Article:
What are the biggest and smallest animals you have handled? Pound for pound which was the most trouble/time consuming?

Asked by MrDuck almost 12 years ago

I love this question! The biggest animal I have worked with is a 1,600 pound, seven-foot tall male Bactrian camel named Knobby. The smallest is probably a 110 gram, nine-inch tall male boreal owl named Mouse. Pound for pound, the camel definitely wins. However, I have worked with many high-maintenance little guys, including a snowy owl named Freya, a raccoon named Max and a muskrat named Critter. Although they were all fairly small, they still required a LOT of my mental energy!

What are the major health issues associated with animals in captivity. Do zoos and sanctuaries have any health management plans in place for specific species?

Asked by CAT almost 11 years ago

Hi again, CAT. Because zoo environments are so different from wild environments--plentiful access to food, absence of predators, little to no competition for mates, etc.--zookeepers members must work very hard to ensure the ongoing physical and mental health of their animals. In particular, zookeepers want to maintain fitness and decrease the likelihood of unwanted behaviors like pacing, rocking, increased aggression, altered time management, increased frustration and increased fearful behavior.

Environmental enrichment plans are a very important component of animal health management plans, and these plans definitely vary from species to species--depending on things like natural history, physiology, etc.

When zoo animals get really old and sick, are they usually put down or allowed to pass away "naturally"?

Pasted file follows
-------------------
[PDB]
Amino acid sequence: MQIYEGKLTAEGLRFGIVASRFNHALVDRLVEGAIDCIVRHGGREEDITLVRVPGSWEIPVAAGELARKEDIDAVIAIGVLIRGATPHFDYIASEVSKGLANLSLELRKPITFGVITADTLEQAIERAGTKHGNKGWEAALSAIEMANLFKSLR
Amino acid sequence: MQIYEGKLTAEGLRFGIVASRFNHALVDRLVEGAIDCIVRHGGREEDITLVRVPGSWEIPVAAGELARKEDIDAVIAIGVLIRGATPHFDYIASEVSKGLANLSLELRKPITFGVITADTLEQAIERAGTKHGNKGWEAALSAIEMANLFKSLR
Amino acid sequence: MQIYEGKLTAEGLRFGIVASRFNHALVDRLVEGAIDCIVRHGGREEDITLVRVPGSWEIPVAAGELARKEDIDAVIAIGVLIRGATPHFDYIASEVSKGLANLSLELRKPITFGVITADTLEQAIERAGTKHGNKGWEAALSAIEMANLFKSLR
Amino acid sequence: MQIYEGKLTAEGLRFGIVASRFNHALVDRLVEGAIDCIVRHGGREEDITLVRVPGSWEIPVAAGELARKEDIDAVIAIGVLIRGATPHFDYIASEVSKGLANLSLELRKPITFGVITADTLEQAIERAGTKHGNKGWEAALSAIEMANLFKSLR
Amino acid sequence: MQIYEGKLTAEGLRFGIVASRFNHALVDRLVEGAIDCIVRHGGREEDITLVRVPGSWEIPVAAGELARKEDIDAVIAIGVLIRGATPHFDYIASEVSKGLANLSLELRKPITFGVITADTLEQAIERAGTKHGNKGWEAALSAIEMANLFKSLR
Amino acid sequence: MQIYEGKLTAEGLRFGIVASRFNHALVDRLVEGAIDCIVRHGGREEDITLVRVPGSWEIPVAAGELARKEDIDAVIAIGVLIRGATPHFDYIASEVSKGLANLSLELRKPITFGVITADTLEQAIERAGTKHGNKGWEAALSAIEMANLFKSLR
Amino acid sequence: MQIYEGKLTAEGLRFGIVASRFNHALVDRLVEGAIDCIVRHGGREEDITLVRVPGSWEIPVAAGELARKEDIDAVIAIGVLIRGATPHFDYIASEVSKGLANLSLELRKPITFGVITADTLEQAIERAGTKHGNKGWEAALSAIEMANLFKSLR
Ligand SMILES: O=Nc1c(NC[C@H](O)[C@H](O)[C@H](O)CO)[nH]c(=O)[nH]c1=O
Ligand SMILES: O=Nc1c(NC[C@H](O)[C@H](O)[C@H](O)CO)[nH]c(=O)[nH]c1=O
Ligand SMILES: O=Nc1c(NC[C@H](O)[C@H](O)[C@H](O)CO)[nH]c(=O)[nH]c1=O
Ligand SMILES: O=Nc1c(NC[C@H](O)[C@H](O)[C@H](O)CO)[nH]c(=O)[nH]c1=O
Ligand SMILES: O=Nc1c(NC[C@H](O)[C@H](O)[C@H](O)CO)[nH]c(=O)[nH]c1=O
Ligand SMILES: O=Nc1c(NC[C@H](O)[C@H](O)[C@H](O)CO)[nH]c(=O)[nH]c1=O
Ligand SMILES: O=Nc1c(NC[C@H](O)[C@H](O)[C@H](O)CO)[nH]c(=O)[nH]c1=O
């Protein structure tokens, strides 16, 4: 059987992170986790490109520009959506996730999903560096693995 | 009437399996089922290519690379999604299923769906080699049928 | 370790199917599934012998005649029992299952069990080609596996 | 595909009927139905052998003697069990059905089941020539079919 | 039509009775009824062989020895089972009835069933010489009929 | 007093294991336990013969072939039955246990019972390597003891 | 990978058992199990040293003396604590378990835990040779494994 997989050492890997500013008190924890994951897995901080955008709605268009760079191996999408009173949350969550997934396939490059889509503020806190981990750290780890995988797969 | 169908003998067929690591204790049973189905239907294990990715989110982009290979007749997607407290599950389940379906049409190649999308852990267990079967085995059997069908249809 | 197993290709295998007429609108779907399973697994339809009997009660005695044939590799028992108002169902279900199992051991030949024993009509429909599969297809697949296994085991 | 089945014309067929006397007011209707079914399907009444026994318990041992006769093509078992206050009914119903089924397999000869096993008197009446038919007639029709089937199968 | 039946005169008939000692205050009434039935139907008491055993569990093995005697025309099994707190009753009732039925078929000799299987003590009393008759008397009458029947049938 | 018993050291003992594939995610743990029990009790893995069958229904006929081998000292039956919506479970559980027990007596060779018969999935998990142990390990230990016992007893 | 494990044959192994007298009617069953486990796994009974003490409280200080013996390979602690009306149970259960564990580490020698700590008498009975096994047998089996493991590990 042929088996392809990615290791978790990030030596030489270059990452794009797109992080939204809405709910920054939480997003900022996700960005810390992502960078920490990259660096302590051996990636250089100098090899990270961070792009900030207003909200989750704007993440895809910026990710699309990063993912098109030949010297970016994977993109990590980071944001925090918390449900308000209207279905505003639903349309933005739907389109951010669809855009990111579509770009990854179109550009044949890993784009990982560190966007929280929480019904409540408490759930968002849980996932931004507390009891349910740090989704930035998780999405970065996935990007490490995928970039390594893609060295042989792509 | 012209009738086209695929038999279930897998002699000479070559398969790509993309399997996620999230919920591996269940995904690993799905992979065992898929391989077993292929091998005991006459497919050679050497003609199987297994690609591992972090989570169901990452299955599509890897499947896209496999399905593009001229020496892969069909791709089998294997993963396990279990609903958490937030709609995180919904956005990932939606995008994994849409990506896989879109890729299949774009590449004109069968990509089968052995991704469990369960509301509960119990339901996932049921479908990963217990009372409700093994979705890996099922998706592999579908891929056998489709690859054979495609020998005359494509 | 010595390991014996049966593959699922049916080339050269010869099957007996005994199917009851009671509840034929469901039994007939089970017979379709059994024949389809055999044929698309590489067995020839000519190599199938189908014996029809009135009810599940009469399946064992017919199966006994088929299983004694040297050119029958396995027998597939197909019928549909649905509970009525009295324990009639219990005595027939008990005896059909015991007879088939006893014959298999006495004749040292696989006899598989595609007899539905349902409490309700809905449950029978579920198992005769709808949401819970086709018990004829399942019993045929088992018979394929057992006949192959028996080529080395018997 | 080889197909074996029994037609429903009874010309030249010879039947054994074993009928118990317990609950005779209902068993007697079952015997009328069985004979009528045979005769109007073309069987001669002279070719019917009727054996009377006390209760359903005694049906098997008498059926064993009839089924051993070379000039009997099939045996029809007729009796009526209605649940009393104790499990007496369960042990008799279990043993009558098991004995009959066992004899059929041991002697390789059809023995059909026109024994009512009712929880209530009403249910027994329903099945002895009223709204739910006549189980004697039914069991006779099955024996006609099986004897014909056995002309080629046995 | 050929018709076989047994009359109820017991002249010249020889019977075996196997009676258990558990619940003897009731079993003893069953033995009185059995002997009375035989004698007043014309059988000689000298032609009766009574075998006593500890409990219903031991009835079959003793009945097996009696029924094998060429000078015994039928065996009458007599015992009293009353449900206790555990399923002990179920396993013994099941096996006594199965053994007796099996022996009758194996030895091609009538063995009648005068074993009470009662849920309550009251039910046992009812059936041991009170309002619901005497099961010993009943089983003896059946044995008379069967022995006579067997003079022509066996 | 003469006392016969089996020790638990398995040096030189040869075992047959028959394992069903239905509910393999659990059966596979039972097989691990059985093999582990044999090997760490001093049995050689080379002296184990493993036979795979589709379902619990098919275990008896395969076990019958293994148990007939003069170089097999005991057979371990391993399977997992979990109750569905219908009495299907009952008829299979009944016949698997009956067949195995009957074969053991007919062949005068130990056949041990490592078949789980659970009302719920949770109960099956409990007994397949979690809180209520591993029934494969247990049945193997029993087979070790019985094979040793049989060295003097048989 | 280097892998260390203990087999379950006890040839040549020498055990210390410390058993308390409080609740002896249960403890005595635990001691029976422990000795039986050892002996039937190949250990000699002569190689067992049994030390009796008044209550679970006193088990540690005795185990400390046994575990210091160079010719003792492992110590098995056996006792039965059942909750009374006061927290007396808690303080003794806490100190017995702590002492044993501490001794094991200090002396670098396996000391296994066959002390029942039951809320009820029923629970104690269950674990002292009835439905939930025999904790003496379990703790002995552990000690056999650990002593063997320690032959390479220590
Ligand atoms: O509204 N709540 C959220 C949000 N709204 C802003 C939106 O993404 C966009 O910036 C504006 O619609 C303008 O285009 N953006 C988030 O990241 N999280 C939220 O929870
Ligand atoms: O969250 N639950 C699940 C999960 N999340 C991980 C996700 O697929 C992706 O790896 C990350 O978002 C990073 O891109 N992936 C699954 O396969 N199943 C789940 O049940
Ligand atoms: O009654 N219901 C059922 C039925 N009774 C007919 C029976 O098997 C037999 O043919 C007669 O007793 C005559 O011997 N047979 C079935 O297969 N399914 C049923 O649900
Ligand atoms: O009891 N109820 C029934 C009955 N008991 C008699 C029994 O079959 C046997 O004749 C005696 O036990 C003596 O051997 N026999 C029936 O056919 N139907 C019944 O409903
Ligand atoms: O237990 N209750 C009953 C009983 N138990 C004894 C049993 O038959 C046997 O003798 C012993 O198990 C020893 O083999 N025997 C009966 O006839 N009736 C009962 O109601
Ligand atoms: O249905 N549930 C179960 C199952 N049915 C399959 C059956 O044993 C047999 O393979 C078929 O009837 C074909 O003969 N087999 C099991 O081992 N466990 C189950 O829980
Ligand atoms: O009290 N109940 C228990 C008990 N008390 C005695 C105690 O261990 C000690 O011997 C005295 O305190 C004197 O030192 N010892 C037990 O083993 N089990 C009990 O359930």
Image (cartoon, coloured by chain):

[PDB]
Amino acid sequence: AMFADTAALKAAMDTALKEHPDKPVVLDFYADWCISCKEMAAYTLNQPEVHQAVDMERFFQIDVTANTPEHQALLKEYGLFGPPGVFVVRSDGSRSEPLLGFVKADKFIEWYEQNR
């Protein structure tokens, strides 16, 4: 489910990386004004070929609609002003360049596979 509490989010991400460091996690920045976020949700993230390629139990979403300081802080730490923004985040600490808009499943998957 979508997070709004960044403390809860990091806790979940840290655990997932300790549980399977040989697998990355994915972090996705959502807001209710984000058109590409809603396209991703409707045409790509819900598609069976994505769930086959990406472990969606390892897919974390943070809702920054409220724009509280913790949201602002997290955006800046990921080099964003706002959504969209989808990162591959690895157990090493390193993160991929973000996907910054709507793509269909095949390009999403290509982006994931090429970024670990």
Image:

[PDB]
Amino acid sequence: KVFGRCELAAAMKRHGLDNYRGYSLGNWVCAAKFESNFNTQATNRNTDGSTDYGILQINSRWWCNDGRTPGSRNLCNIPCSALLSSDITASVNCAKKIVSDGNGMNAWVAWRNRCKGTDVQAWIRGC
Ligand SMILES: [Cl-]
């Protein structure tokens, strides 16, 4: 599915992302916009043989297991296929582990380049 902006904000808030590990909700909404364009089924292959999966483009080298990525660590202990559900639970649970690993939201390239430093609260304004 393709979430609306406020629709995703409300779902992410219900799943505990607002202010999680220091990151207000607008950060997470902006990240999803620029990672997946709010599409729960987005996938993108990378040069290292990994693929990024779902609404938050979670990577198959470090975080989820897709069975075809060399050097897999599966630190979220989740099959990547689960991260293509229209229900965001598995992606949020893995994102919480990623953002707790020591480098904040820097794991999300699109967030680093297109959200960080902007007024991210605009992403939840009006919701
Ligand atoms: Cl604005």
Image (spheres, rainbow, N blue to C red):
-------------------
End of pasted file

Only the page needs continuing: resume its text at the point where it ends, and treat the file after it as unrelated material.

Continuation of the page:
Asked by Barry212 almost 12 years ago

It really depends on the situation. The animal's best interests always must come first, so staff veterinarians closely monitor aging and / or ailing animals. If it is possible to allow the animal to live out its life, that is obviously the ideal choice. Sometimes though, euthanasia becomes the only humane choice--much like with aging or ailing cats and dogs. Saying goodbye to an animal is heartbreaking, and I can't tell you how many tears I have cried through the years. But an animal's welfare comes before anything else, so sometimes a hard decision must be made.

What is the required timescale for dealing with an escape of an animal? Including an estimate of timings in dealing with the situation and contacting those concerned.

Asked by Chelsea about 11 years ago

This is a very difficult question to answer, as the rule of thumb is simply to get the situation under control as quickly as possible while also ensuring the safety of everyone involved. I have been part of escapes that have taken only moments to contain, and I have also had to spend an hour or more corraling an animal down from a tree, out from under a barn, etc.